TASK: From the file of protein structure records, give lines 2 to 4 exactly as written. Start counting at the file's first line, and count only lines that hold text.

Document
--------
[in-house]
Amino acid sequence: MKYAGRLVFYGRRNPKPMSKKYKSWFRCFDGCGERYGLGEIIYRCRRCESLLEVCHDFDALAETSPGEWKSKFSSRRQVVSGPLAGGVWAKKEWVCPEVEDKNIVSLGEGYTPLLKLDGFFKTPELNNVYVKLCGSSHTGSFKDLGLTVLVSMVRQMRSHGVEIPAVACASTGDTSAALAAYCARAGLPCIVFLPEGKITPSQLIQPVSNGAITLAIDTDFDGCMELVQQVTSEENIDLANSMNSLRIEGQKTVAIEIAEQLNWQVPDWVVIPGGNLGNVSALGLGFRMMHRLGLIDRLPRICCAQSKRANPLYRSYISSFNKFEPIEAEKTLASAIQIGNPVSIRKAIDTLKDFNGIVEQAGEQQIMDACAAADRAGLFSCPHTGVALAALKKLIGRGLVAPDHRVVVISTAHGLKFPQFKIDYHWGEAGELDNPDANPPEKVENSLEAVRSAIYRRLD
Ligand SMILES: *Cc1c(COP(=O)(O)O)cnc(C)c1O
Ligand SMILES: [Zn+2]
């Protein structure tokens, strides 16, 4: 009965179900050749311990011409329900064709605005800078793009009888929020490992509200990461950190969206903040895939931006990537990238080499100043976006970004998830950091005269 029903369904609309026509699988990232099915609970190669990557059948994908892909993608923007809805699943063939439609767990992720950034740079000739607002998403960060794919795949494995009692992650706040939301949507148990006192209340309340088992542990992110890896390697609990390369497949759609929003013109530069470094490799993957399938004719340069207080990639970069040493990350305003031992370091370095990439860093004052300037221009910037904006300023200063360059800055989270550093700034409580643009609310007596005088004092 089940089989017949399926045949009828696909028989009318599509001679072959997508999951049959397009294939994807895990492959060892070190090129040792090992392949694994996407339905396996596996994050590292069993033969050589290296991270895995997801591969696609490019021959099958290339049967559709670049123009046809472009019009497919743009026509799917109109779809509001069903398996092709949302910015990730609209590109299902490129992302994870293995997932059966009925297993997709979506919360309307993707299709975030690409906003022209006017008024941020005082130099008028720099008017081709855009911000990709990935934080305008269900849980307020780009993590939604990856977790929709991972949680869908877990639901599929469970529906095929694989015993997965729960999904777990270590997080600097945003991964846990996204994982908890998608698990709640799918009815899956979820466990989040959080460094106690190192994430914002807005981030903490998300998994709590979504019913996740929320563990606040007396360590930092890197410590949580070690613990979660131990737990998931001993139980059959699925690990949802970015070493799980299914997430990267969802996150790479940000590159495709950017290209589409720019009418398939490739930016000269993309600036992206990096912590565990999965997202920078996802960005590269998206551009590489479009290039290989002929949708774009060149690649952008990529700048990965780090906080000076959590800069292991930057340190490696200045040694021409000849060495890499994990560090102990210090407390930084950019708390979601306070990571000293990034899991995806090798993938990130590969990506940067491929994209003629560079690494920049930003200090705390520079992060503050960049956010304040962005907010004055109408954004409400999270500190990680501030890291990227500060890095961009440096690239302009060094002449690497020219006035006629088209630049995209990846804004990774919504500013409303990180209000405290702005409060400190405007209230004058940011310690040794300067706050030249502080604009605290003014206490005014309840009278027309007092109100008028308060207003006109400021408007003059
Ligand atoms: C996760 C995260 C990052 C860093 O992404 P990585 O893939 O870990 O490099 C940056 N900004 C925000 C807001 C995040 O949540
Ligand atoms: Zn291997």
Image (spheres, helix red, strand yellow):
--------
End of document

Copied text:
Amino acid sequence: MKYAGRLVFYGRRNPKPMSKKYKSWFRCFDGCGERYGLGEIIYRCRRCESLLEVCHDFDALAETSPGEWKSKFSSRRQVVSGPLAGGVWAKKEWVCPEVEDKNIVSLGEGYTPLLKLDGFFKTPELNNVYVKLCGSSHTGSFKDLGLTVLVSMVRQMRSHGVEIPAVACASTGDTSAALAAYCARAGLPCIVFLPEGKITPSQLIQPVSNGAITLAIDTDFDGCMELVQQVTSEENIDLANSMNSLRIEGQKTVAIEIAEQLNWQVPDWVVIPGGNLGNVSALGLGFRMMHRLGLIDRLPRICCAQSKRANPLYRSYISSFNKFEPIEAEKTLASAIQIGNPVSIRKAIDTLKDFNGIVEQAGEQQIMDACAAADRAGLFSCPHTGVALAALKKLIGRGLVAPDHRVVVISTAHGLKFPQFKIDYHWGEAGELDNPDANPPEKVENSLEAVRSAIYRRLD
Ligand SMILES: *Cc1c(COP(=O)(O)O)cnc(C)c1O
Ligand SMILES: [Zn+2]